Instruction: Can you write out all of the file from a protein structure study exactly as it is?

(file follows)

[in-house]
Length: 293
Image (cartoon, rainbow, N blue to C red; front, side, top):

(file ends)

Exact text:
[in-house]
Length: 293
Image (cartoon, rainbow, N blue to C red; front, side, top):